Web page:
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Special Section Archives The Altamont Enterprise, November 18, 2010

Operation Christmas Child, A Kids’ Musical
Hope and love shine bright through the hijinks and high spirit of a Christmas play

By Jo E. Prout

What do you get when you mix 18 children ages 1 through 13 with a goofy adult and an Elvis impersonator? A Christmas play.

And what do you call the nut who pulls them altogether? The director. That’s me.

Operation Christmas Child, A Kids’ Musical, by Kathie Hill, has my family singing Christmas songs in September. One crazy year, while shopping for random junk on eBay, I found a set of scores for Operation Christmas Child. The show is based on the Samaritan’s Purse mission that sends shoeboxes of toys, hygiene items, pencils, candy, and shoes to refugee or orphaned children around the world. Our church is a collection center for two counties. Being a theater nut, I thought my eBay find was fortuitous.

The hard part of directing a musical isn’t the choreography, or the prop list, or anything interesting. The hard part is begging, pleading with, and bribing as many people as you can find into joining up. Since fewer people are theater nuts than you might think, that cajoling is time-consuming.

The last time we did the play, I knew several teenagers, and they jumped right in. This time, they’re all away at college. My son had a lead role several years ago, so I threw him into the role, again, this year.

After many ruined rehearsals full of back talk, missed cues, and ridiculously uncalled-for accents, I agreed to pay him $5 per show if rehearsals improved. I’m a sucker. I’m desperate.

The show is this weekend, celebrating the end of the national collection week. So far, rehearsals have improved.

Luckily, a family that joined us for the last performance signed up, again. Unfortunately, those children are now older and wiser, and less enchanted than they should be with jazz hands at the end of every number.

One girl stares me down with a straight face at the end of each song, as she shows me her jazz hands on the ends of T-Rex-style arms. Maybe I’ll sneak her some chocolate before she goes onstage to loosen her up. As I said, I’m not one to balk at a bribe for a good performance.

One of my returning actors flat-out refused to participate the first few weeks of rehearsal because I rewrote the play. Call it judicious editing. Time is short this year, and I cut the number of rehearsals in half to ensure maximum public participation. Desperate directors do these things.

I left every song intact; my daughter and her friends know them by heart. Well, they know the general idea and tune of each song. Instead of “Operation Christmas Child, a celebration of the season,” the audience can often hear “Operation Christmas Chi-old, a sensation of the reason,” and other mixed-up words that make sense only to 7-year-olds.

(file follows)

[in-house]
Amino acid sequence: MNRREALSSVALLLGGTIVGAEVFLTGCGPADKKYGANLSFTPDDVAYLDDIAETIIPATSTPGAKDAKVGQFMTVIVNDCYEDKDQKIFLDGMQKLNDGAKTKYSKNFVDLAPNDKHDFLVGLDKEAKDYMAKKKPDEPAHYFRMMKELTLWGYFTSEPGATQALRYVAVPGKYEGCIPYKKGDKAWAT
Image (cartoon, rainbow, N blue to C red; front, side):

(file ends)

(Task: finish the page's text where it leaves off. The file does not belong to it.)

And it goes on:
One of my great ideas this year was to use an adult to play Elvis. There are only four adults in the whole play, and this role absolutely requires an adult who’s seen and heard The King play. I thought of scrapping Elvis altogether, because who really thinks of being “all shook up” for Christmas? I couldn’t cut Elvis’s song, though, because the kids take over the chorus and actually dance! Unchoreographed, twisting-and-shouting dancing by 14 kids is a joyous sight to see.

One night at rehearsal, I looked up from my master script to see “Elvis’s” 2 -year-old daughter dancing in her footie pajamas with her dad and big sisters, and a crowd of other kids. How can you beat that?

My favorite part of the play is when 12-year old Andrew stops everyone in their tracks and explains who the children are who need boxes of love and toys packed by strangers. The script calls for the actor to pray for peace, hope, and the end of hunger. The prayer is written into the script, word for word.

“Pray for fighting in war zones to cease.”

During the last few rehearsals, Andrew started truly praying, instead of reciting.

“Lord, I pray that you will end the fighting in war zones,” Andrew says. The last time we did this musical, with the prayer as written, the scene was very effective. This time, with spontaneous, heart-felt prayer from a young man, it’s stunning.

I cry every time.

All the girls, and even some of the boys, like the song with a scarf routine. I loved doing flags in school, so I added a winter corps routine into the musical. Several of the children attend a vibrant gospel church, complete with its own flag corps, so we have experienced performers enhancing a beautiful ballad.

In the interests of time, I was going to cut that routine this year, too, but it was the only reason my straight-faced T-Rex friend came back this year. If the kids love it, who am I to leave it out?

The director? No. I’m the lucky one whose friends, new and old, young and mature, show up to rehearsals to play Theater with me. And, if we spread the word together about hope, love, and peace, we won’t go wrong.


Operation Christmas Child, A Kids’ Musical will be performed by the Coxsackie-Athens Ecumenical Drama Group on Saturday, Nov. 20, and Sunday, Nov. 21, at 3 p.m. at the Second Reformed Church of Coxsackie. A free-will offering for shoebox shipping will be collected. Donations can also be made online at www.samaritanspurse.org.

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